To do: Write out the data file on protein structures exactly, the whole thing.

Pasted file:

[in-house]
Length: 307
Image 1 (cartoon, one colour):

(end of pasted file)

[in-house]
Length: 307
Image 1 (cartoon, one colour):